Cellfion ($1M to develop cellulose membranes for energy storage applications)

Cellfion, a Swedish cleantech startup founded in 2021, develops ion-selective membranes and nanoparticle dispersion that are natural-based and polyfluoroalkyl-free. These materials are used in energy storage and conversion devices, such as redox flow batteries, fuel cells, and water electrolyzers.

Challenges: renewable energy storage

The use of solar cells and wind turbines to generate clean electricity is on the rise. Ideally, the entirety of the intermittent electricity generated would be put to use. Storage of the surplus electricity is recommended. As a base load supply, the capacity to store their electrical energy would substantially improve the dependability and efficiency of these intermittent renewable energy sources.

Several technologies, including fuel cells and redox flow batteries, show promise as large-scale energy storage systems. Typically, the operation of these systems requires ion-selective membranes. While facilitating efficient ionic transport, such as protons, through the membrane, it also separates redox molecules or gasses in the two cell compartments. Nafion is the most recent and cutting-edge ion-selective membrane. But Nafion is produced in an unsustainable manner and comprises polyfluorinated chemicals that are detrimental to the environment. Furthermore, its high cost hinders the ability to implement energy storage systems on a large scale in a cost-effective manner.

Ion-conductive selective cellulosic membranes have been applied in energy storage systems, such as lithium- or sodium-ion rechargeable batteries, redox flow batteries, and fuel cells. Cellulose is abundant, low-cost, and has excellent mechanical properties. It is a biopolymer with abundant hydroxyl groups along the polymer chain. These abundant hydroxyl groups allow various chemical functionalizations and the ability to form networks in different size ranges. However, the proton conductivity of cellulose itself was insufficient for energy storage applications.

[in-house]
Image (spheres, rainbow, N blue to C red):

Cellfion Technology

Cellfion develops proton-conductive selective nanocellulose membranes with excellent performance. Cellfion membrane is made through the processes of chemical modification of the surface of nanofibers and the crosslinking of cellulose nanofibers.

The introduction of aldehyde (-CHO) and sulfonic acid (-SO₃⁻) groups to the surface of nanofibers results in a negatively charged environment in the pores of the membrane. This facilitates the ionic transport of positively charged ions, such as protons, while preventing negatively charged or large compounds from passing through the membrane. The crosslinking of nanofibers limits swelling of the membrane and achieves the desired small pore sizes for ion-selective transport.

Cellfion membrane

The diagram below illustrates the structure of the chemically modified Cellfion membrane.

Cellfion’s crosslinked cellulose nanofiber membrane with functional groups in pores (ref. WO2023046735A1).
Cellfion’s crosslinked cellulose nanofiber membrane with functional groups in pores (ref. WO2023046735A1).

The membrane is crosslinked cellulose nanofiber materials. The crosslinking retains the structural integrity of the membrane and restricts its swelling in water or other solvents. The membrane contains aldehyde (-CHO) and sulfonic acid groups (-SO₃⁻) on the surface of nanofibers. These functional groups provide a negatively charged environment within pores, which facilitates the ionic transport of positively charged ions through the membrane. Negatively charged or amphiphilic compounds are prevented from passing through the membrane.

Cellfion membrane fabrication

The fabrication of Cellfion membrane begins with the oxidation of fully bleached cellulose fibers. The cellulose nanofibers that have been completely bleached contain abundant hydroxyl (-OH) groups, which readily afford chemical modifications, as depicted in the diagram below.

The chemical modification nanocellulose for making Cellfion membrane (ref. WO2023046735A1)
The chemical modification nanocellulose for making Cellfion membrane (ref. WO2023046735A1).